Bifora

Bifora testiculata (L.) Sprengel

Family: Apiaceae.

Names:

Bifora is used as the common name because there are no other species of Bifora in Australia and there are several other plants that are commonly referred to as carrot weed.
Testiculata refers to the testicle shaped seed pods.

Other Names:

Carrot weed, because the leaves resemble those of carrot.
Bird's eye.

Summary:

Annual hairless herb, 20-30 cm tall, with striped stems, finely divided leaves and strongly smelling of coriander.

Description:

Cotyledons:

Two. Spear shaped, tip rounded to pointed. Hairless. Merging base.

Leaves:

Rosette leaves:

Stipules -
Petiole -
Blade - Lobed almost to the midrib with three segments and angular lobes that are finely toothed.

Stem leaves:

Blade - Lobed almost to the midrib with two segments and widely spreading, acute tipped, parallel sided lobes. Leaflet base tapered. Tip pointed.

Stems:

200-300 mm long, branching, striped, hairless, strong foul smell,

Flower head:

Umbrella of 2-3 longitudinal lines with 2-3 flowers each in leaf axils. All flowers fertile.

Flowers:

Ovary - Style bent back to level of disk.
Involucre - Single parallel sided bract.
Petals - 5. White, spreading with a broad shallow notch at the tip.
Stamens -
Anthers -

Fruit:

Pod. Looks like dog balls. Very wrinkled, indented base, conical tip.

Seeds:

Remains enclosed in the skull-like pod. Cream or whitish yellow with 3 darker stripes on the back. Spherical to tear shaped, 4 mm diameter. Surface dimpled, wrinkled, grooved and hairless with two holes near the beak.

Roots:

Taproot.

Key Characters:

Fruit indented, not flattened and fruitlets very wrinkled.
Striped foul smelling stems.
Flowers with 5 white, notched petals.

Biology:

Life cycle:

Annual.

Physiology:

Reproduction:

Flowering times:

Seed Biology and Germination:

Vegetative Propagules:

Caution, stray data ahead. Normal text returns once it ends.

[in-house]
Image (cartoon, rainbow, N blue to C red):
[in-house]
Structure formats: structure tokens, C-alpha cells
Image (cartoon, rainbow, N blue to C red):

Hybrids:

Population Dynamics and Dispersal:

Origin and History:

Southern Europe and Mediterranean region.

Distribution:

SA.

Courtesy Australia's Virtual Herbarium.

Habitats:

Climate:

Temperate.

Soil:

Plant Associations:

Significance:

Beneficial:

The fruits are used as a spice.
Does not host Root Lesion Nematodes (Pratylenchus neglectus or thornei)

Detrimental:

Weed of field crops.
Tolerates many common herbicides.

Toxicity:

Not recorded as toxic.

Legislation:

Noxious weed of South Australia (Class 9) and Tasmania

Management and Control:

Difficult to control.

Thresholds:

Eradication strategies:

Herbicide resistance:

Biological Control:

Related plants:

No other species of Bifora are in Australia.

Plants of similar appearance:

Cotula.
Fumitory.

References:

Black, J.M. (1965). Flora of South Australia. (Government Printer, Adelaide, South Australia). P 536.

Moerkerk. M.R. and Barnett. A.G. (1998) More Crop Weeds (R.G. and F.J. Richardson, Victoria). P51.

Lazarides, M. and Hince, B. (1993). CSIRO handbook of economic plants of Australia. (CSIRO, Melbourne). #174.1.

Acknowledgments:

Collated by HerbiGuide. Phone 08 98444064 or www.herbiguide.com.au for more information for more information.